The first embodiment of a positioning device shown in FIG. 1 comprises a fixedly arranged flat table 1 in the form of a rectangular planoparallel plate, of which the plate sides are located in a horizontal plane. On the upper surface 3 of the table 1 is guided a rectangular plate-shaped carrier 5 by means of four (multiple) aerostatic vertically operating thrust bearings 7, which are arranged near the corners of the carrier 5. On the carrier 5 is disposed an object 9 to be positioned, which is plate-shaped and which can be secured on the carrier by means of, for example, vacuum suction means. The object 9 may be, for example, a wafer of semiconductor material used in the semiconductor technology. The carrier 5 can be displaced in a first coordinate direction X by means of a translation drive 11, which is of the so-called linear type, while it can be displaced in a second coordinate direction Y by means of a similar translation drive 13. A third translation drive 15 of a similar kind as the drives 11 and 13 serves at the same time to rotate the carriers 5 through an angle φz about a Z-axis, which is illustrated in FIG. 1 by a coordinate system. The X-Y plane is a horizontal plane, in which the upper surface of the object 9 has to be displaced. The translations in the X- and the Y-direction and the rotation about the Z-axis may be effected arbitrarily separately or simultaneously by means of, for example, a computer control of the drives 11, 13 and 15. These drives will be explained more fully with reference to FIG. 12. In the present case, a so-called working point P on the upper surface of the object 9 should coincide with a vertical optical axis 17 of an optical device 19 (see FIG. 2) for exposing a photosensitive layer on the wafer 9. The translations in the X- and Y-directions and the rotation φz about a Z-axis required to this end may be determined, for example, by a method as described in the aforementioned U.S. Pat. No. 3,466,514.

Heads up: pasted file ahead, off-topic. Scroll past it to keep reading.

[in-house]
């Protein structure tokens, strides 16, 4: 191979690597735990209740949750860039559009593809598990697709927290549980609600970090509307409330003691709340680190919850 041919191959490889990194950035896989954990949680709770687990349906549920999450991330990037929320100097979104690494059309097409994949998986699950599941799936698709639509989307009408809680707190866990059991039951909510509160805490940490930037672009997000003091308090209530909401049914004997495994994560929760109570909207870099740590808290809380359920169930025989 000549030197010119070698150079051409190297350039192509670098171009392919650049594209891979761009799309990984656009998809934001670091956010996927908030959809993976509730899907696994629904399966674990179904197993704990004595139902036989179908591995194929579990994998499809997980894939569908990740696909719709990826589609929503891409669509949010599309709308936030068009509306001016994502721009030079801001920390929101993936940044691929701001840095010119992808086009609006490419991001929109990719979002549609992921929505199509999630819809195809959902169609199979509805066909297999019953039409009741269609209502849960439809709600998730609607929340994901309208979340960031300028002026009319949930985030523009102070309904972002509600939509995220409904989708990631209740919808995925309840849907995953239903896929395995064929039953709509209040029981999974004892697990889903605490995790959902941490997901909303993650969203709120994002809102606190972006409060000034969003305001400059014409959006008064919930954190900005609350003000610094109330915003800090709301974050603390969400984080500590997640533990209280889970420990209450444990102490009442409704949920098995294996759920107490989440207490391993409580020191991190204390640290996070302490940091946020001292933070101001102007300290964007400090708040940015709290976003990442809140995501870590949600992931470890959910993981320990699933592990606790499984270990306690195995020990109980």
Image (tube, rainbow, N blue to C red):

The drives 11, 13 and 15 have straight rods 21, 23 and 25, which can perform translations in the X-direction, the Y-direction and the Y' direction, respectively, the latter direction being parallel to the Y-direction and lying in the X-Y plane. The rotation φz can be obtained by means of the drive 15 in that the rods 23 and 25 are displaced in a given period of time over different distances. The rods 21, 23 and 25 have secured to them supporting feet 27, 29 and 31, respectively, by means of pivots to be described more fully hereinafter with reference to FIG. 6. The supporting foot 27 accommodates a part of a thrust and tensile bearing, respectively, for exerting pressure and tensile or pushing and pulling forces, respectively, in the X-direction. The supporting feet 29 and 31 are also provided with a part of a thrust and tensile bearing, respectively, for exerting pressure and tensile or pushing and pulling forces, respectively, in the Y-direction and the Y' direction, respectively. The thrust and tensile bearings, respectively, corresponding to the supporting feet 27, 29 and 31 are identical and will be described hereinafter with reference to FIGS. 6, 7, 8 and 10A and 10B. There are arranged in the supporting foot 27 (and hence also in the supporting feet 29 and 31) three plate shaped permanent magnets 33, 35 and 37 (FIG. 6) of rectangular shape, which are separated from each other by two plate-shaped rectangular magnet yokes 39 and 41 of magnetically good conducting material. The packet of permanent magnets and magnet yokes is situated in a box-shaped holder 43 of magnetically poorly conducting material, such as, for example, aluminum and is separated therefrom by two further plate-shaped rectangular magnet yokes 45 and 47 of magnetically good conducting material. In the present case, the permanent magnets are samarium-cobalt magnets, while all magnet yokes are made of mild steel. There is arranged opposite to the permanent magnets 33, 35 and 37 in the carrier 5 a plate 49 of magnetically good conducting material, such as, for example, chromium-steel. The plate 49 forms the second part of the thrust and tensile bearing, respectively. The magnets 33, 35 and 37 are magnetized in the Z-direction. The holder 43 has secured to it a rectangular block 51 of aluminum. On the block 51 is mounted a circular plate 53, which is manufactured together with a comparatively short round wire 55 and a cylindrical block 57 from one piece of steel. The rod 21 is provided with a flange 59, in which a bolt 61 is accommodated, which is screwed into the block 57. The flange 59 has secured to it a cylindrical pipe 63 with an annular diaphragm 65, which is provided with a thickned circular edge 67, which is screwed to the plate 53. The pipe 63, the diaphragm 65 and the edge 67 are manufactured from one piece of steel. The diaphram 65 forms together with the wire 55 a pivot, by means of which the supporting foot 27 can tilt with respect to the flange 59 in the vertical plane (plane of the drawing in FIG. 6) and in the horizontal plane (at right angles to the plane of the drawing in FIG. 6). The coupling thus obtained between the supporting foot 27 and the flange 59 is rigid against torsion, which means that a large resistance is offered to rotation of the supporting foot 27 about the X-axis. The block 51 is provided with a duct 69 connected to a source of compressed air (not shown) for the supply of air to the air gap between the supporting foot 27 and the plate 49 and the carrier 5, respectively. For this purpose, the duct 69 is connected to two lateral ducts 71 and 73, which are located on either side of the packet of magnets (FIG. 9). FIG. 2 shows diagrammatically the supporting foot 27 and the coupling of the supporting foot 27 to the rod 21 (only one magnet is shown). The regions of the air bearing and the magnetic pre-stress are consequently separated from each other. The supporting feet 27, 29 and 31 constitute together with the corresponding plates 49 and the associated air gaps a thrust and tensile bearing, respectively, which can transfer both pressure and tensile forces from the rods 21, 23 and 25 to the carrier 5. Normally, a viscous contactless bearing can transfer only pressure forces. In the case of the present static air bearing, however, tensile forces can also be transferred. This is achieved in that the bearing is magnetically pre-stressed by means of the permanent magnets 33, 35 and 37. The magnetic pre-tension must be larger than the maximum tensile force exerted by the rod 21 on the carrier 5. The tensile force in the rod 21 is twice the tensile force in each of the rods 23 and 25. The maximum tensile force is mainly determined by the required acceleration and deceleration forces, respectively, for the translatory and rotary movement, respectively, of the carrier 5. In general, a smallest possible mass of the carrier 5 and the object 9 present thereon will be aimed at. In order to obtain a bearing having optimum properties, more particularly in order to obtain a bearing having an optimum rigidity, it is to be preferred to choose the magnetic pre-stress so that with a changing load of the bearing a smallest possible variation of the size of the air gap occurs. The optimization of the bearing will be described hereinafter with reference to FIG. 10A, in which the size Ha of the air gap is plotted on the abscissa, while the bearing capacity W and the magnetic attraction force F of the bearing are plotted on the ordinate.